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Programmatic Tipping

Aspects can be added to fields, methods and types programmatically, i.e. using a compiled imperative programming language.

PostSharp Laos uses this approach for Compound Aspects. Here is an example from the Binding Sample:

public override void ProvideAspects(object targetElement, 
    LaosReflectionAspectCollection collection)
{  
  // Get the target type.  Type targetType = (Type) targetElement;
  // On the type, add a Composition aspect to implement 
  // the IBindable interface.

  collection.AddAspect(targetType, new AddBindableInterfaceSubAspect());   

  // Add a OnMethodBoundaryAspect on each writable non-static property.  
  foreach (PropertyInfo property in targetType.GetProperties())  
  {   
     if (property.DeclaringType == targetType &&
          property.CanWrite )   
      {    
          MethodInfo method = property.GetSetMethod();               
          if (!method.IsStatic)      
            collection.AddAspect(method, 
                    new OnPropertySetSubAspect(property.Name, this));    
       }  
  } 
} 

Programmatic tipping is also by high-level code weavers that assemble aspects from many low-level advices.

Policy Injection

The term Policy Injection has been introduced recently by the Microsoft Patterns & Practices Team (see the blog of Ed Jeziersky and Tom Hollander) to designate what is fundamentally Aspect-Oriented Programming.

When asked why the name Policy Injection and not AOP, Ed answers:

... the reality is most of our customers have not heard of AOP or AOSD. Please put yourself in their shoes for a second. We wanted a name that was reflective of the use and benefit the block brings, rather than using an unfamiliar term that only the exceptions understand. We also wanted to have no implicit expectations on the design that may be inherited from AO solutions.

So Policy Injection is AOP, or at least a part of it. The reason why Microsoft did not choose the term AOP seems to be that AOP could have been perceived as a boring academic concept, which was fashionable in the .NET community about year 2003.


MSIL Injection

MSIL Injection

MSIL Injection, or MSIL Insertion, is the process of modifying the MSIL instructions of an existing method. One says that we inject, or insert new instructions into an existing flow.

Injecting IL instructions is just a part of IL-level weaving. Modifying an existing code requires the following tasks to be done:

  1. Reading the metadata of the .NET module.
  2. Decoding the stream of IL instructions in a meaningful way.
  3. Detecting the points where new instructions should be injected.
  4. Restructuring the method body if exception handlers have to be added.
  5. Injecting IL instructions properly speaking.
  6. Assembling back the in-memory representation to a binary file.

These tasks are performed by an IL reader/writer, excepted the task 3 (detection of injection points), which is typically the task of the code weaver.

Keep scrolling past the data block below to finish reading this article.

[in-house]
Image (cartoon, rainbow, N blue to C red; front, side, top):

How to inject MSIL instructions?

If you are decided to inject directly MSIL instructions, prepare a stock of aspirins and eventually prepare your girlfriend to being absent from home. Then you may choose between the following approaches.

Standard System.Reflection/System.Reflection.Emit API

Since it ships with the .NET Framework, why not to use it? Well, these APIes seem adequate to create brandly new classes and methods, but are less appropriate to properly inject instructions, that is, modify an existing method. The principal problem is that the API is strictly stream oriented: you have to write the whole method in a single pass. This is not always feasible and is never easy.

Another problem is that the System.Reflection API does not give an exact image of a .NET module. It could cover 99% of your needs, but you will not have the possibility to support the last percent. For instance, System.Reflection does not make the difference between void* and System.IntPtr or int32 and System.Int32. Other advanced features like security attributes or marshaling may have an incomplete support.

Mono Cecil

Mono Cecil is a valid choice if you are looking for an IL reader/writer. It has a solid community and some commercial applications, which is a good assurance of quality. Even if the project is related to Mono, it supports also the Microsoft implementation. Read more on http://www.mono-project.com/Cecil.

PostSharp

PostSharp contains a IL reader/writer that covers the complete .NET specification for managed code. The APIes are optimized for high usability, so some users say it is easier to use than Cecil. The greater difference with Cecil is that PostSharp is designed as a platform where the IL reader/writer is only one component. The platform takes in charge the complete post-compilation process, including the integration with MSBuild, and offers a lot of additional services typically used by code weavers (type hierarchy analysis, use/used by analysis, ...).

Microsoft Phoenix

Phoenix is the new framework for the next generation of compilers at Microsoft. It abstracts the target machine, so it can work with MSIL assembly as well as Intel x86 assembly. Some users say that the price to pay is a greater complexity. The greatest advantage is of course the certainty of support and continuity. But pay attention to the license, it is currently reserved for academical research.

Rail

The initial aim of Rail is to implement an API that allows CLR assemblies to be manipulated and instrumented before they are loaded and executed. It uses static weaving of IL instructions. The APIes of Rail are often used as an IL reader/writer with some more advanced weaving capabilities. More on http://rail.dei.uc.pt/.